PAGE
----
A Community Devoted to the Preservation and Practice of Celestial Navigation and Other Methods of Traditional Position-Finding
From: Steven Wepster
Date: 2001 Feb 16, 4:56 AM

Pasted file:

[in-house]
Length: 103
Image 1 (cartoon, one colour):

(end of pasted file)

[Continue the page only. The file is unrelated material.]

I'm sorry, Russell, I thought I'd sent the following message but it doesn't show up in the mailing list. In addition, the reason to draw a LOP perpendicular to the azimuth of the sun at the time of obs is that it is an approximation to the altitude circle that you're supposed to be on. It's just the same as in the case of a time sight; the difference is in the calculation. Here is the missing message again: ------------------------------------------------------------------- > You said... > Surely, the latitude that comes out of the > calculation is dependent on an assumed longitude, because the meridian > angle t is. > ----- > I don't really see why the latitude is dependant on an assumed longitude. > Typically time of LAN would be calculated and the altitude measured. DR > Longitude would be used to anticipate the time of LAN . > The longitude would then be dependant on the time of the observation, then > using arc to time (or GHA = long for east observer, 360-LHA = long for west > observer), it could be worked out. > --- I'd rather say that the time of observation depends on the longitude. Reason: it's easier to wait until the sun is near the meridian, than to adjust your position to the same effect. Further, the time difference between the actual MerPass and the actual time of observation translates (time-to-arc) into the meridian angle t, subject to the condition that your own motion over the earth is sufficiently slow. You need your assumed (DR) longitude to calculate the time of MerPass, so an error in DR longitude has effect on the angle t and thus on the reduction to the meridian and thus on the latitude derived. > > > you also wrote... > > > Please note that the latitude you get is the latitude at the time > when you took the sight, not at the time of merpass. The tables only > correct for the apparent motion of the body, not for the motion of the > observer. > ------ > Yes, I certainly understand this, in fact that is my point, because what I > would do is to work out my latitude for the time of LAN. On a small boat I > may assume that the vessel's movement was negligible. If say, I had been 15 > minutes later than LAN in observing and suppose that LAN was 1200 UT; then > using an ex-meridian sight (taken at 1215) I would calculate my latitude for > what it should have been at 1200 -- is this not the point of the ex-meridan > altitude?? Agreed. If you're doing 8 knots in N-S direction the error will be only 2', sufficient in mid-ocean. > But then that directional offset of the LOP is what I (and I > think you) are puzzled about > Russell > I found this in my 1984 Bowdich Volume I, art. 2104: "If reasonable doubt exists regarding the longitude, the azimuth of the body at the time of observation should be determined, and the line of position drawn perpendicular to it (through the point defined by the 'observed' latitude and the assumed longitude), rather than as a latitude line. There are alternative methods available." You calculate the azimuth for the assumed longitude. The whole procedure is then just slightly simpler than the usual HO249 method that I prefer to use. Personally I want to get as much practice as possible using one method that serves all so as to reduce the risk of mistakes. I even hardly ever take a meridian altitude because I don't like waiting for the sun to culminate, loosing approx. the same time gained from the shorter calculation. Besides, the best place for the sextant is below deck in its box. Regards, _Steven.